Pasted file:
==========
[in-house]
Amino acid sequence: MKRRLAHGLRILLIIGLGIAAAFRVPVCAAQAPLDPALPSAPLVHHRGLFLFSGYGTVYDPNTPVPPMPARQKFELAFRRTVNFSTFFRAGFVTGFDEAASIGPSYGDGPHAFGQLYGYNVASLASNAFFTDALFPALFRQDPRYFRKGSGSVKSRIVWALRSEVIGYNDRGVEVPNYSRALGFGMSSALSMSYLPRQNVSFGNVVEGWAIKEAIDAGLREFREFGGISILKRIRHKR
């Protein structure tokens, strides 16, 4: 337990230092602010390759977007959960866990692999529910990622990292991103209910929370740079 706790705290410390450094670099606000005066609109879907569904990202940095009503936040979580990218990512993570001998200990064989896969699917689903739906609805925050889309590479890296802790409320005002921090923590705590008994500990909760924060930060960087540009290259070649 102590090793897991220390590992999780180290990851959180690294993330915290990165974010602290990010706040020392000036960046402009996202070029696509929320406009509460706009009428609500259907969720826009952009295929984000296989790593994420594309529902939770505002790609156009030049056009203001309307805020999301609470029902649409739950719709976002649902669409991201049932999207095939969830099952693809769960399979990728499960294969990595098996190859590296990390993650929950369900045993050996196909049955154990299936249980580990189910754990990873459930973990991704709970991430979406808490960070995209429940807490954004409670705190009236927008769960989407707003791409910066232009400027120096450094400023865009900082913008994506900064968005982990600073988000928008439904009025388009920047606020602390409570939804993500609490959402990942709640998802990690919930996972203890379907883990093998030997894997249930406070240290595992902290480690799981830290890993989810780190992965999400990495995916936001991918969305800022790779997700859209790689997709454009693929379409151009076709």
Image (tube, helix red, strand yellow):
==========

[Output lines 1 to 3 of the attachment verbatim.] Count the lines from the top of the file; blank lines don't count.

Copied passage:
[in-house]
Amino acid sequence: MKRRLAHGLRILLIIGLGIAAAFRVPVCAAQAPLDPALPSAPLVHHRGLFLFSGYGTVYDPNTPVPPMPARQKFELAFRRTVNFSTFFRAGFVTGFDEAASIGPSYGDGPHAFGQLYGYNVASLASNAFFTDALFPALFRQDPRYFRKGSGSVKSRIVWALRSEVIGYNDRGVEVPNYSRALGFGMSSALSMSYLPRQNVSFGNVVEGWAIKEAIDAGLREFREFGGISILKRIRHKR
């Protein structure tokens, strides 16, 4: 337990230092602010390759977007959960866990692999529910990622990292991103209910929370740079 706790705290410390450094670099606000005066609109879907569904990202940095009503936040979580990218990512993570001998200990064989896969699917689903739906609805925050889309590479890296802790409320005002921090923590705590008994500990909760924060930060960087540009290259070649 102590090793897991220390590992999780180290990851959180690294993330915290990165974010602290990010706040020392000036960046402009996202070029696509929320406009509460706009009428609500259907969720826009952009295929984000296989790593994420594309529902939770505002790609156009030049056009203001309307805020999301609470029902649409739950719709976002649902669409991201049932999207095939969830099952693809769960399979990728499960294969990595098996190859590296990390993650929950369900045993050996196909049955154990299936249980580990189910754990990873459930973990991704709970991430979406808490960070995209429940807490954004409670705190009236927008769960989407707003791409910066232009400027120096450094400023865009900082913008994506900064968005982990600073988000928008439904009025388009920047606020602390409570939804993500609490959402990942709640998802990690919930996972203890379907883990093998030997894997249930406070240290595992902290480690799981830290890993989810780190992965999400990495995916936001991918969305800022790779997700859209790689997709454009693929379409151009076709």